Getting Around Venice:
There are two main ways of getting around Venice: walking or using some kind of boat; you could swim, but I wouldn’t recommend it!
and also see our quick guide:How to Reach Piazza San Marco (St Mark’s Square) from various locations around Venice and the Lagoon
Venice has water buses, commonly known as Vaporetto (plural Vaporetti) – they were once powered by steam (“vapor”) – and run by the ACTV (Azienda del Consorzio Trasporti Veneziano" – the Venice Public Transport Company). These vessels ply the Grand Canal and Lagoon making scheduled stops. They travel up and down the Grand Canal and on circular routes which also take in the islands of Murano, Burano and Torcello.
Vaporetti Are Wheelchair and Stroller Friendly
There are actually three different types of public boats: vaporetto, motoscafo and motonave. You can see a vaporetto in the top picture. They’re single level, largely covered boats with no steps, so wheelchairs, wheeled cases and baby strollers will have no problems – provided the vessel is not crowded (unfortunately often the case, especially in summer). Vaporetti are used on the more placid internal routes, such as on the Grand Canal and round Giudecca.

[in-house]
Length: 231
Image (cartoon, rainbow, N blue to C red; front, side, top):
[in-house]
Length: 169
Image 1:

Motoscafi and Motonavi: Lagoon Cruisers
Motoscafi and Motonavi are used on the longer trips in the Lagoon. The former have two cabins (fore and aft) with steps down to them, but there is usually space for a few wheelchairs on the entrance deck. Motonavi are bigger- there are double-decker versions that carry around 1200 passengers – and you’re likely to come across them if you’re travelling to Burano or Murano. These bigger ships are wheelchair accessible.
You can use these boats to reach all the main parts of the city, the main islands of the lagoon (Lido of Venice, Murano, Burano, Torcello, the Giudecca) and the mainland. However, it’s not always faster to take the boat: from Rialto to San Marco takes 20 minutes by vaporetto but only five minutes to walk (provided you don’t get lost…).